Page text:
That was the case when, for various reasons (including missing children who were chronically absent from school), the results of EG’s year one and two internal assessments showed much more positive results, than IDinsight’s assessments. Thanks to the evaluation of the results, EG was ultimately able to make course corrections to improve its resource capacity through community mobilization and its capability by integrating childcentric classroom processes with teaching. EG was also well positioned to leverage the DIB due to certain existing capabilities and aspects of its organizational culture including being target driven for out-of-school girls, being familiar with monitoring evaluation and learning processes and being open to change and willing to adapt. Next to the programmatic changes, these were essential to adapt to the DIB framework.
Actions that speak
The United Nations’ Sustainable Development Goals (UNSDGs) put a spotlight on some of the world’s biggest issues. But financial resources are scarce: the UN estimates an extra 2.5 trillion US dollars a year is needed to achieve the UNSDGs5. While traditional funding streams are under severe pressure, innovative financing mechanisms, such as DIBs, are a complementary tool and will play a major role in attracting new private capital to solve some of the most pressing global needs.
UBS Optimus Foundation’s vision is simple: a world where all children reach their full potential. To make this a reality, the UBS Optimus Foundation focuses on high-impact, innovative programs that help ensure children are safe, healthy, educated and ready for their futures. The Foundation can increase the reach of your donation substantially by leveraging through its global network. And 100% of your donation goes to the programs, because UBS covers all the Foundation’s administration costs.
The Children’s Investment Fund Foundation is an independent philanthropic organization, headquartered in London with offices in Nairobi and New Delhi. It works to transform the lives of poor and vulnerable children in developing countries. Areas of work include children and mothers’ health and nutrition, children’s education and welfare, and smart ways to slow down and stop climate change. The Children’s Investment Fund Foundation places significant emphasis on quality data and evidence to measure and evaluate progress with partners in order to achieve large scale and sustainable impact. More information at ciff.org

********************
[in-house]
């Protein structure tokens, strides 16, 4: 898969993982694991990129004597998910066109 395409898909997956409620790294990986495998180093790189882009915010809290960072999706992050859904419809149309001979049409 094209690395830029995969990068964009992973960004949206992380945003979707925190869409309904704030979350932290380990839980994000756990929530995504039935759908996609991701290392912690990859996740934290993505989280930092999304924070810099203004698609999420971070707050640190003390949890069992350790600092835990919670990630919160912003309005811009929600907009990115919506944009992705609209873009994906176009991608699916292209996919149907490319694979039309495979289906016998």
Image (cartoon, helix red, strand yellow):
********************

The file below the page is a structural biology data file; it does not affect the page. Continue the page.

Established in 2007, Educate Girls’ focus is on mobilizing communities and leveraging government’s investment for improving girls’ education in India. The organization is strongly committed to the government’s vision to improve access to primary education for children, especially young girls. By leveraging the government’s existing investment in school, EG delivers measurable results to a large number of beneficiaries and avoids duplication or parallel delivery of services. EG believes that if girls in educationally backward districts are educated, they will have the potential to enter the formal economy, gain employment and lift their families out of poverty. The sustainability and scalability of the model has enabled EG to consistently expand operations to include more districts. It is now actively working with the government and with rural communities across 16 districts of Rajasthan and Madhya Pradesh in India, reaching over 25,000 government-run primary schools across 13,000 villages in some of India’s most rural and remote areas.
IDinsight’s mission is to help policymakers and practitioners use rigorous data and evidence to make more socially impactful decisions. They carefully tailor a wide range of quantitative tools to help clients design better public policies, rigorously test those ideas and take informed action to improve lives at scale. IDinsight leads learning partnerships across Asia and Africa, working with governments, multilaterals, foundations, social businesses and innovative NGOs to generate and use evidence to improve their impact. IDinsight works across a range of sectors, including education, financial access, governance, agriculture, health and sanitation. They work in over a dozen countries and have offices in Dakar, Johannesburg, Lusaka, Manila, Nairobi, New Delhi, San Francisco and Washington, D.C.